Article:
Mary Kissel writing in the Wall Street Journal (WSJ) looks into what C. Larry Pope, the chief executive of Smithfield Foods, Inc. is saying about the price of food and his effort to paint fuel use of agricultural products as a prime culprit for the increase in meat prices.

Before we start, the Wall Street Journal has taken the view that ethanol for fuel is a bad idea and generally stands against ethanol as fuel and the policies government has used to increase ethanol’s role in the gasoline market.  Biased for certain, the WSJ is informative if the reader is informed.  There is much more to this than the price of bacon, which Ms. Kissel uses for the opening illustrative narrative.

Food-vs-Fuel. Photo Credit:

Kissel does an exemplary job of explaining the food view particularly as it applies to food.  Actually the facts are not really something for dispute.  Between the lines of Pope and Kissel’s explanation is the compelling reality is there are more people than ever with enough money to buy meat products.  Keep in mind that meat products are the top of the food chain, plant products are consumed by critters and people consume the critters.  This is not a potato and tomato price issue.  Meat for people is the eagle’s point on the food chain – protein is a product of metabolism from carbohydrates – it takes much more land to get a gram or ounce of meat protein than the same weight in carbohydrates.  That weight is also much more valuable in nutritional content.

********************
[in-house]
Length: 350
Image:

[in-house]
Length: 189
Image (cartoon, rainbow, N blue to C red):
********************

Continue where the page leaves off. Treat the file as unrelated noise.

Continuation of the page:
A lot of American corn territory and quite a lot of Brazilian land is committed to producing fuels.  (The U.S. ethanol market returns the high value nutrition of corn back to the world meat production market.) Between the two a lot of crude oil use is avoided.  The U.S. is nearing a million barrels a day of ethanol production with Brazil approximately at half that production rate.  Between the two countries nearly 90 percent of world ethanol production is accounted for.

For general purposes one could credibly say about 1.5 million barrels of world crude oil use is avoided.

Those are the noisiest points of view on the food and fuel issue.  There are many others of interest as well.  Food commodities and fuel commodities are world markets.  For a site where the main issue is energy and fuel, food is the same – food is direct to people fuel while fuel is an indirect people fuel.  Take away food and hunger would ensue, take away fuel and hunger would ensue.  The two are one in the whole view.